LONDON: Qatar Airways has upgraded an order for Airbus A350 aircraft to larger variants, a move that includes new backing for a model designed to compete with Boeing Co’s mini-jumbo.
The European planemaker, part of EADS, announced the move as the airline said it preferred the two largest models of A350 for its business model, confirming a trend toward more seats to cope with regular increases in passenger traffic.
The A350 comes in three models — the two smallest compete with Boeing’s 787 Dreamliner while the largest, the 350-seat A350-1000, aims for a crucial niche dominated by the 777.
Many experts see the lucrative market for jets just below 400 seats as the next major battleground between the world’s top planemakers. Boeing is looking at revamping its 777 design.
Airbus said Qatar Airways had upgraded its order for the largest A350-1000 variant to 37 planes from 20 and increased its order for the base model, the A350-900, by three planes to 43, confirming what aviation sources had previously told Reuters.
However these are not net new orders, since the same airline has scrapped an order for the A350-800, the smallest variant which faces speculation about its future due to weak sales.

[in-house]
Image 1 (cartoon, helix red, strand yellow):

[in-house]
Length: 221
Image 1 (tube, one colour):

The upgraded order will net Airbus an extra $ 2.8 billion at list prices. In volume, Qatar’s A350 order remain at 80 units.
Qatar Airways is the launch customer for the future A350 and is also a major user of the 777, Boeing’s most profitable plane.
Airbus said separately it had won approval from European authorities to deploy drag-reducing wingtip devices that will allow airlines to cut fuel bills by more than it had expected.
The so-called sharklets, which are made from composite materials and are 2.4 meters tall, are upward-slanting wingtips designed to help narrowbody A320 aircraft fly further on the same amount of fuel.
“The certification of Airbus’ sharklets is a milestone which paves the way for airlines to benefit from savings in fuel of around 4 percent,” Tom Williams, executive vice president of programs at Airbus, said in a statement. “That’s better than we’d anticipated.”
Airbus had previously targeted a net fuel saving of 3.5 percent with the devices, part of a package of improvements that together with new engines are designed to save airlines about 15 percent in fuel bills on the future revamped A320neo plane.
The approval applies to Airbus’ A320 family of planes powered by CFM56 engines from CFM International, a venture between General Electric and France’s Safran.
Airbus has also been testing the sharklets on A320s powered by International Aero Engines’ V2500 engine.
Airbus and Boeing are focusing on wing enhancements as key selling points for their latest revamped models, with tens of billions of dollars of sales for both firms at stake each year.